Believe it or not, cheerleading began as a male dominated sport. In fact, women were not allowed to participate until around the 1920s.
Cheerleading originated with men chanting in the crowd at football games, which eventually led to organized chants on the track to pump up the crowd. The first organized cheer was led by Johnny Campbell, a University of Minnesota medical student. He gathered a group to rally the crowd with the chant “Rah, Rah, Rah! Ski-U-Mah! Hoo-Rah! Hoo-Rah! Varsity! Varsity! Minn-e-so-tah!” The founders of cheerleading were male.
After more and more joined in and squads were forming, many men were dropping from squads when they were drafted into WWII. Women stepped up to the plate (or megaphone, rather) when the males went off to war.
Of course, when they returned, the men wanted their spots on the squad back. They worked to kick off the female cheerleaders, some even claiming that the activity was too masculine and full of violent language. They were unsuccessful—the women had taken to cheerleading.
Eventually, around the 1940s, females were pouring into cheerleading. They began dominating around the 1960s, where it went from strong manly chants and megaphones to pom-poms and skirts. Because of the overwhelming amount of female dominance, cheerleading was now seen as a feminine activity. Men no longer wanted to be involved, and this feminine stigma seemed to stick with cheerleading ever-after. What would have happened if men and women had decided to join forces that early on? Cheerleading would have evolved so much differently. Would there be less athletes going towards Football if cheerleading had continued to be male-dominated?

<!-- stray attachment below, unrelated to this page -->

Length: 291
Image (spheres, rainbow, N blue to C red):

Who knows, maybe we would be watching the annual Super Bowl cheerleading competition.
Even today, when cheerleading involves so much more than waving pom-poms and high-pitched cheers, sadly it is still seen that way by many. Minds continue to be changed every day about modern day cheerleading and the amount of athletic ability and practice time poured into it, but the stigma of female dominance and frills is still affecting the sport and the recruit of male cheerleaders. It’s as if the tumble track and coordinated lifts are completely overshadowed by that slight glimmer of a pom-pom. The horror!
Interestingly enough, in a society that is currently adapting to acceptance in so many different areas, cheerleading seems to be left in the dust. Males are still reluctant to sign up, and in turn are shying away from a sport that could so well bring out a large amount of athletic talent. Strong lifts and tumbles are so unique and rarely found in any other kind of men’s sports. It is obvious that the frilly outfits of the ‘60s are still very much prominent in the minds of men and women alike. How ironic—what once was the battle of the sexes is now a struggle to combine them. Bring the men back!
The presence of males on squads can do so much to improve routines and teams as a whole, but because of society and existing stigmas, the potential of males on cheer teams, especially on high school squads, remains untapped.
Will cheerleading ever have another intense transformation? Let us know your thoughts!